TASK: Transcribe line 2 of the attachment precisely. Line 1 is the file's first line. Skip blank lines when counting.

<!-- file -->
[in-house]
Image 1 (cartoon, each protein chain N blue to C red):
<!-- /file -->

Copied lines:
Image 1 (cartoon, each protein chain N blue to C red):